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Definition of term: "Fly-by-wire"?

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I need to settle a discussion with a friend about the term "Fly-By-Wire"!I need pointers to documents or sites with good definitions/explanations of the term in relation to modern aircraft?- How did the term come about?- Changes of definition over the years?- Difference in the implementation in ex. Airbus versus Boeing?Ex:Airbus (and modern mil jets) have "full fledged" FBW, i.e. flight computer adjusts to compensate "environmental changes" when hand flying the aircraft.Boeing doesn't do this, hand flying is hand flying!JTS

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J,FBW simply means there's no physical connection between the stick/yoke and control surfaces. The control is done through a computer system with input from the stick/yoke, pedals, etc. The ocmputer then calculates the best response to make the aircraft do what the input asks for (turn, pitch, yaw, etc).Boeing does have FBW on the 777 and all future commercial aircraft. However, the older aircraft still aren't necessarily hand-controlled, inasmuch as the cables and whatnot just go to actuators that actually control the surfaces. There's far too much force on the surfaces for direct cables to work, so they are all hydraulically or electrically assisted. This is not FBW simply because there's a cable running somewhere other than a computer.

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JTS,Here's a pretty decent Airbus site. Maybe you can find something useful here to help with your discussion.http://www.airbusdriver.net/:-waveMike CollierKPHX[table border=1 bgcolor=#eeeeee][tr][td rowspan=2] http://avsim.com/flightdeck/images/Radar_small.gif[/td][td] America West Airlines and proud to be a Beta Tester of[link:www.jdtllc.com]Radar Contact]The premiere ATC adventure add-on for FS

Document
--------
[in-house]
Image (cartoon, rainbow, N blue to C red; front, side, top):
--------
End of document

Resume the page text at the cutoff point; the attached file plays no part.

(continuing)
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Fly-by-Wire is version 2.0. Version 1.0 was commonly called Fly-by-Seat of Pants.

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>electrically assisted. This is not FBW simply because >there's a cable running somewhere other than a computer. Scott,FBW has nothing to do what is between actuators and flight computers. Both Airbus and Boeing use hydraulics to actually move forces.Don't know the exact definition of FBW but it is commonly understood to be a system whereby pilot's inputs first go to a flight computer which then decides how to move control surfaces.Boeing 777 is FBW but doesn't employ Airbus' flight envelope hard limits. You can say the only difference between Airbus' FBW and 777's is what kind of software they use.Michael J.

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>Boeing doesn't do this, hand flying is hand flying! >All FBW airplanes, Boeing or Airbus can be hand-flown. The only difference between them is what's in the software. Boeing feels that pilots prefer aircraft that handles in a fashion they are used to. Airbus developed different method that make pilots go through 30 days of re-training. But both 777 and Airbus A318+ are definitely FBW. There is no suhc thing as "full-fledged" FBW or partial FBW unless you want to create your own definitions. Michael J.

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>>>electrically assisted. This is not FBW simply because >>there's a cable running somewhere other than a computer. >>Scott, >>Don't know the exact definition of FBW but it is commonly >understood to be a system whereby pilot's inputs first go to >a flight computer which then decides how to move control >surfaces. That's what I said.

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Hi, a few days ago Apollo software announced their FBW add-on on Avsim

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Scott,I stand corrected.I thought you were implying a presence of direct cable implied this was not FBW. In fact Airbus has such direct cable link in case of complete computer failure. I bet 777 also has something similar.Michael J.

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Michael,Boeing did make several A/C that where sort of cross breeds in the Fly By Wire game. The 757, 767 and 747-400 all had Cables for the Primary Flight Controls (Elev, Ail and Rudder) but used FBW inputs for the spoiler system. Using Spoiler Computers to run the spoilers electro/hydraulically made the system much more reliable and got rid alot of extra weightRegardsPaul:-cool

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I guess that means that FS2002 is strictly a fly by wire system. There is no direct connection from your yoke/joystick to any flight control surface on your aircraft. It definately goes through a computer and the computer moves the appropriate surface. Must be FBWKen

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What I remember from that article I mentioned: In the bus the stick input directly commands a flight path change, not a control surface deflection. Flying a curve in a Boeing would require to hold the yoke "turned" and slightly pulled back, in the bus you

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